In 1978, geophysicists Glen Penfield and Antonio Camargo were working for the Mexican state-owned oil company Petróleos Mexicanos, or Pemex, as part of an airborne magnetic survey of the Gulf of Mexico north of the Yucatán peninsula. Penfield’s job was to use geophysical data to scout possible locations for oil drilling. In the data, Penfield found a huge underwater arc with “extraordinary symmetry” in a ring 70 km (40 mi) across. He then obtained a gravity map of the Yucatán made in the 1960s.
A decade earlier, the same map suggested an impact feature to contractor Robert Baltosser, but he was forbidden to publicize his conclusion by Pemex corporate policy of the time. Penfield found another arc on the peninsula itself, the ends of which pointed northward. Comparing the two maps, he found the separate arcs formed a circle, 180 km wide, centered near the Yucatán village Chicxulub; he felt certain the shape had been created by a cataclysmic event in geologic history.
Pemex disallowed release of specific data but let Penfield and company official Antonio Camargo present their results at the 1981 Society of Exploration Geophysicists conference. That year’s conference was underattended and their report attracted scant attention. Coincidentally, many experts in impact craters and the Cretaceous–Paleogene boundary were attending a separate conference on Earth impacts. Although Penfield had plenty of geophysical data sets, he had no rock cores or other physical evidence of an impact.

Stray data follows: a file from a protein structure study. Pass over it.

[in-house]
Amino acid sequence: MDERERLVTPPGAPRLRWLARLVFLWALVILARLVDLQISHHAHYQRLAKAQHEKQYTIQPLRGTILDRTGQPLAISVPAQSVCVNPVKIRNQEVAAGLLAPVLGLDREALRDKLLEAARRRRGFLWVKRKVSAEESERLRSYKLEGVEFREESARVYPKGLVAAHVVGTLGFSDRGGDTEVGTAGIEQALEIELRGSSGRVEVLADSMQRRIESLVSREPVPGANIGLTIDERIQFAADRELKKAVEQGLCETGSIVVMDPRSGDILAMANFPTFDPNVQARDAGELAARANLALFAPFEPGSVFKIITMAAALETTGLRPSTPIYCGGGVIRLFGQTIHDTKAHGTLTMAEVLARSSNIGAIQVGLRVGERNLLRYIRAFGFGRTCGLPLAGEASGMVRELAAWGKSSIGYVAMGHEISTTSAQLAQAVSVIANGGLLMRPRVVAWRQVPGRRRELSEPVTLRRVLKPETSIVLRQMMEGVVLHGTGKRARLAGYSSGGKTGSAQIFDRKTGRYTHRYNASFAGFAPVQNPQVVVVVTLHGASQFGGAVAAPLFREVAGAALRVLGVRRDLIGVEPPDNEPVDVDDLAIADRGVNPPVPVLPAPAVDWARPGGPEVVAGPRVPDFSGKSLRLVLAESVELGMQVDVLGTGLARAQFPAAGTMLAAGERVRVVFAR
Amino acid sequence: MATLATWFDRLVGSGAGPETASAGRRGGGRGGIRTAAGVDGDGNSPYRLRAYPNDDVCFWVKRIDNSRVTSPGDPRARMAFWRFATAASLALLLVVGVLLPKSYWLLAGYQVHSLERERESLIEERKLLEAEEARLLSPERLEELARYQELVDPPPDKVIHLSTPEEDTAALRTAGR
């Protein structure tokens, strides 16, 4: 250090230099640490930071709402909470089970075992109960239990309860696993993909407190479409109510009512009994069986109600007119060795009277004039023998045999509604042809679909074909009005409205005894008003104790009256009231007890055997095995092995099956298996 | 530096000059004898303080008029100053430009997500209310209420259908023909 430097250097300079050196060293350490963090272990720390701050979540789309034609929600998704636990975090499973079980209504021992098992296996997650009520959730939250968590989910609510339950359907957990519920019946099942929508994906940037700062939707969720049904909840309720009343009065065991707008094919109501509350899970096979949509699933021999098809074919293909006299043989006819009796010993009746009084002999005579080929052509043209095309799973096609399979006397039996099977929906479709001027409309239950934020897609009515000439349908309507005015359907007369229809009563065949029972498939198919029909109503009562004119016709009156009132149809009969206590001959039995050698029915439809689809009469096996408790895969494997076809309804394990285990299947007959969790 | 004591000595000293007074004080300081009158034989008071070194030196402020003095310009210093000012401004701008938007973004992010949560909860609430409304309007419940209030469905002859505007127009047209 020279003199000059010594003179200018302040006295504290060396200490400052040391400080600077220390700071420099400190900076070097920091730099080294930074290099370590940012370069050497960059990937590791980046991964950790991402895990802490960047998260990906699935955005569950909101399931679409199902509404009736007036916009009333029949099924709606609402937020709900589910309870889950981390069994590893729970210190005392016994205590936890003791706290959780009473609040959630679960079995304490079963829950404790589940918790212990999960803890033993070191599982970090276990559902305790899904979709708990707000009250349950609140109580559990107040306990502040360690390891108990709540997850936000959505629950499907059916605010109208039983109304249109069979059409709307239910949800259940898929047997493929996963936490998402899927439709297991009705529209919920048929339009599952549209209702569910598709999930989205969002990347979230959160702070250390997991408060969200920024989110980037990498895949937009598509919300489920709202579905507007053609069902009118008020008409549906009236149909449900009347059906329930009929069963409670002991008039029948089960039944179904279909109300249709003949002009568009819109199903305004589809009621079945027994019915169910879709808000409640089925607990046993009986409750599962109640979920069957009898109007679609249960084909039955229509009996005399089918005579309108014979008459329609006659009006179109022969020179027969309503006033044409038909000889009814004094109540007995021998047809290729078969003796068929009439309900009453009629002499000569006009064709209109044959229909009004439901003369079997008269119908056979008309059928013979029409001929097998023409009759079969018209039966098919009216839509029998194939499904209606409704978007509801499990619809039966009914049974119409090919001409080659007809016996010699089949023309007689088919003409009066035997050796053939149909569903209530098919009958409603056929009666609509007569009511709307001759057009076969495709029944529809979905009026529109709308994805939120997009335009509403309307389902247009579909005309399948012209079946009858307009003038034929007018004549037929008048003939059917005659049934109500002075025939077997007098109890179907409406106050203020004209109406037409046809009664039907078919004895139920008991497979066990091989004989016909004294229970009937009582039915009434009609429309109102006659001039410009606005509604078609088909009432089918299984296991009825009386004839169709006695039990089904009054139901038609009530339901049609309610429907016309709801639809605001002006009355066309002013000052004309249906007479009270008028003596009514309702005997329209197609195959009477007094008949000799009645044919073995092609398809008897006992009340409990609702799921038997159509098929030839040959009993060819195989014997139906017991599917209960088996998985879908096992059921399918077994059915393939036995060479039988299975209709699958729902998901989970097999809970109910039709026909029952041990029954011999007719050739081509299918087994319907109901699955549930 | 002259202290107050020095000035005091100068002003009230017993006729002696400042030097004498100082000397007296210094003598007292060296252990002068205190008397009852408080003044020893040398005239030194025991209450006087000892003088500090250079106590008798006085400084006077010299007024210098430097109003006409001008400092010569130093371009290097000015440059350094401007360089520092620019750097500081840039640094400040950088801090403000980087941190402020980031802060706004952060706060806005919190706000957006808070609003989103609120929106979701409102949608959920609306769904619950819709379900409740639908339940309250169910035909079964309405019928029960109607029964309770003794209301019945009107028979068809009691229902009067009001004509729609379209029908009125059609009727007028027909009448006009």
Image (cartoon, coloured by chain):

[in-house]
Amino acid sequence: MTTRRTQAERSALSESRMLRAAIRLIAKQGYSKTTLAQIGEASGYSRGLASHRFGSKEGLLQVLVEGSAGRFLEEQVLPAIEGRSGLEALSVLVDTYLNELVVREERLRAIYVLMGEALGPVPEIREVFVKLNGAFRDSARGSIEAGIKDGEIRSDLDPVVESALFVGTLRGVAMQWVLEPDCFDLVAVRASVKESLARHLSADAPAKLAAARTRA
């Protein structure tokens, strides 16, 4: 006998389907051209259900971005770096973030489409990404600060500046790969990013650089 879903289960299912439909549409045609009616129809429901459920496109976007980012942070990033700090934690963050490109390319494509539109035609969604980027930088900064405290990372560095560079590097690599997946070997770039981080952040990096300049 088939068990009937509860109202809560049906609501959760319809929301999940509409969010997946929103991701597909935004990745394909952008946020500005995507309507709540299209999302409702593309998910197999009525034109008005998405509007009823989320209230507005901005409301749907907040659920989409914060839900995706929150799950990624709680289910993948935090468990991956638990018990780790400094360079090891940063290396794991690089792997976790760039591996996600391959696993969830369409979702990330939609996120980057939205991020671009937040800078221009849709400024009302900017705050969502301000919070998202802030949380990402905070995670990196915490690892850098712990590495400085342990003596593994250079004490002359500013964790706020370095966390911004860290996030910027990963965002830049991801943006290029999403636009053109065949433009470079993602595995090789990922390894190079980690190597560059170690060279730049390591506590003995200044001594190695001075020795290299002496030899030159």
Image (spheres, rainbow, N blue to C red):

He knew Pemex had drilled exploratory wells in the region. In 1951, one bored into what was described as a thick layer of andesite about 1.3 kilometers down. This layer could have resulted from the intense heat and pressure of an Earth’s impact, but at the time of the borings, it was dismissed as a lava dome—a feature uncharacteristic of the region’s geology. Penfield tried to secure site samples but was told such samples had been lost or destroyed. When attempts at returning to the drill sites and looking for rocks proved fruitless, Penfield abandoned his search, published his findings and returned to his Pemex work.